1. The learner’s knowledge about L2 is important in proficiency. The learners level of analyzed knowledge about L2 can be increased by the experience of doing tasks that demands higher level of analyzed knowledge than the learner currently posses and by instruction, if the learner is ‘ready’, that is, is on the verge of insight regarding this informa­tion. This recall Krashen’s (i+1) hypothesis regarding the learner’s readiness to “acquire” a language rule.

2. Since different language tasks make differential demands on the analysed knowledge and, cognitive control di­mensions, some instructional strategies and learning tasks may lead to the de­velopment of certain aspects of language proficiency more effectively than others.

Some researchers who support this hypothesis maintains that adult L2 learners may acquire high level of fluency in learn­ing context where the focus is on meaning and communication do not lead to the de­velopment of accuracy. Rather the develop­ment of accuracy in adult L2 learners is en­hanced by directing the learner to focus of aspect of the formal system of L2.

3. In the control dimension, the main effort for adult L2 learners is to develop automaticity through experience (practise) since they have already devel­oped a variety of cognitive control mechanisms for LI functioning.

So it can be learned from the theo­retical views above that code knowledge has a role in promoting proficiency. One of the key routes in the development of auto­mated skill is the transformation of declara­tive knowledge “know about” into proce-duralized “know how”. This occurs through the conscious activation and operationaliza-tion of declarative knowledge by means of repeated practice. The instructional issue here concerns the type of practice that ef­fectively leads to automated skill develop­ment at the various stages of proficiency.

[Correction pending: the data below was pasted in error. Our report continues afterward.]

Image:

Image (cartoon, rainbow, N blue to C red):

III. Grammar and Communication and Grammar Teaching

Larsen-Freeman (1992) identifies four features which grammar and communica­tion share. She maintains:

Both grammar and communication operate at different levels of language including word, utterance, and extended to dis­course.

Both can be characterized in terms of their form, meaning and friction.

Both can be viewed as static, declarative knowledge(or competence) on one hand, or as dynamic, or procedural knowledge (or performance) on the other.

The relationship is non-hierarchical that grammar and communication interact to shape each other.

Authentic discourse provide appropriate content and context for pedagogical pur­pose, because it allows us both grammar and communication.

Ellis (1998) elaborate four strategies for grammar instruction in the classroom:

1. Structural input, in which instruction is directed at input, Le., attemps are made to contrived oral or written texts in such a way that learners are induced to notice specific target fea­tures as they try to comprehend the text.

2. Explicit instruction, an attempt to develop learners explicit understand­ing of L2 rules or to help them learn about a linguistic feature.

3. Production practice, aim at creating opportunities for learners to practice producing a specific target structure.

4. Negative feedback, that shows learn­ers the error they have done.

To connect this with communicative language teaching, teacher can use authen­tic materials that contain elements of the forms that are going to be taught. Because these strategies are macro strategies, each one can be broken down into micro strate­gies. For example there are many ways of delivering production practice depending on whether the pedagogic aim is to care­fully control learner’s output or to provide opportunities for relatively free production using the targeted structure. Teachers have